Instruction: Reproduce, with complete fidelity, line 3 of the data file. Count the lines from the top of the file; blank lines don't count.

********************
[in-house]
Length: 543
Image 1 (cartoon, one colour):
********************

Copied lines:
Image 1 (cartoon, one colour):